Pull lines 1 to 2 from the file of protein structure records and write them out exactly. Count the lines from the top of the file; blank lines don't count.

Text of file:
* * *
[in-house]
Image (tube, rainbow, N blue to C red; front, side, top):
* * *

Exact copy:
[in-house]
Image (tube, rainbow, N blue to C red; front, side, top):